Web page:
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    If inflation is coming down, why is the RBA talking up the possibility of rate rises?

    • The Reserve Bank of Australia has dismayed mortgage holders by warning that it could still hike rates further if it thinks inflation is not coming down fast enough
    • Most forecasters - including the Big 4 banks - still expect the next move in interest rates to be down, not up
    • Australia’s “real” cash rate is still low at just 0.25%

    The main reaction to the Reserve Bank of Australia (RBA) board’s first interest rate call for 2024 surprisingly seems not to be the decision itself.

     

    It was pretty much a sure bet that with inflation falling faster than even the RBA had forecast, the central bank would at least keep rates on hold at 4.35% (the highest cash rate in more than a decade) at its February meeting, with markets even factoring in a tiny chance beforehand that the RBA could even cut rates.

     

    Inflation in the December quarter of 2023 came in at an annualised 4.1% - the RBA had forecast it would be much higher at 4.5%.

     

    Instead, just about every commentator honed in on this pronouncement from the board: “A further increase in interest rates cannot be ruled out”.

     

    Which was then followed up by Governor Michele Bullock at her press conference:

     

     “We haven't ruled anything out and we haven't ruled anything in.” 

     

    “So I would say we have maintained the option that it might be…. that there has to be more rate rises, but there might not be either.”

     

    “Nothing's in, nothing's out.”

     

    Should mortgage holders despair or take that with a grain of salt?

     

    The Reserve Bank board's post-meeting statement was a short, sharp kick in the teeth to millions of Australians struggling with higher mortgage repayments,” declared ABC business reporter, Michael Janda.

     

    “Many analysts thought the bank would either openly state rates had probably peaked, or at least play a dead bat.”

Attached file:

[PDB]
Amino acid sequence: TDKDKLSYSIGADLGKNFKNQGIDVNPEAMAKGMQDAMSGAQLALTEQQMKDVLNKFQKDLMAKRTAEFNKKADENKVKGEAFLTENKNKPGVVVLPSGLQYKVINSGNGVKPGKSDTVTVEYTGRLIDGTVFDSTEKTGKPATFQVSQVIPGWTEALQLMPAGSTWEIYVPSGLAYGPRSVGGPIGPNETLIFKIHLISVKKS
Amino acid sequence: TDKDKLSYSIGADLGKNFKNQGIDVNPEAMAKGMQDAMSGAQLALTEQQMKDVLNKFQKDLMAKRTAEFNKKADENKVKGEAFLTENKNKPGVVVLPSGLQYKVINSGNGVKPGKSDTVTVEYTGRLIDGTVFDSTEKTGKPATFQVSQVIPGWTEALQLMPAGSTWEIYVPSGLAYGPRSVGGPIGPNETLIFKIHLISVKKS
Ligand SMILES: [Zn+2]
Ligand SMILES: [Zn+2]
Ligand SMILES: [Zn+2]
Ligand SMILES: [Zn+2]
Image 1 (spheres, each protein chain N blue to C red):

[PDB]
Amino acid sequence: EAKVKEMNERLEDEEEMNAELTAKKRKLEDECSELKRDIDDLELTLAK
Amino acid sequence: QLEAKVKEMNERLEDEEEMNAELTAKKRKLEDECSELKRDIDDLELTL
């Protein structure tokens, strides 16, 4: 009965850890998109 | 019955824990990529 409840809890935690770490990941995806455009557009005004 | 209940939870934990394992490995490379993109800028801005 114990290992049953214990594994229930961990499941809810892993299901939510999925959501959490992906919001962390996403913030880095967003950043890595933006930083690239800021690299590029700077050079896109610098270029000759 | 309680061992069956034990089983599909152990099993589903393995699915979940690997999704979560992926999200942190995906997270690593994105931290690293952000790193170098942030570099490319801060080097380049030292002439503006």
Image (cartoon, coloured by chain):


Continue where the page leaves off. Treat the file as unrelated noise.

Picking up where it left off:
“'Job is not done' on fighting inflation: RBA” was the gloomy headline in the Financial Review.

     

    But there is some comfort for stressed mortgage holders from an RBA insider.

     

    Until late last year, Luci Ellis was an Assistant Governor at the Reserve Bank.

     

    She’s now the Chief Economist at Westpac and explains the RBA’s decidedly “hawkish” tone like this: 

     

    “Although growth in the economy has been soft and a little softer than the Reserve Bank expected, they do still assess that the level of demand is outstripping supply and that the labour market remains tight.”

     

    “So they are still concerned that services inflation could stay higher for longer, and that's why they're not completely ruling out a further rate hike, unlike some of their peers (other central banks) overseas.”

     

    “But as we've (Westpac) stated before, we don't think it will come to that over time.” 

     

    Luci Ellis says she still believes the RBA “might cut rates a couple of times towards the end of this year.”

     

    Ms Ellis’ view is shared by all the Big 4 banks, with the Commonwealth Bank still predicting three rate cuts from September this year and its Head of Australian Economics, Gareth Aird, confidently declaring:

     

    “We do not expect the RBA to act on its hiking bias.”

     

    AI_Confused_Man_Feb9_24